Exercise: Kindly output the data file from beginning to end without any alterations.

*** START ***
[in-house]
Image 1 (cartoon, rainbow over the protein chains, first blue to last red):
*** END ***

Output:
[in-house]
Image 1 (cartoon, rainbow over the protein chains, first blue to last red):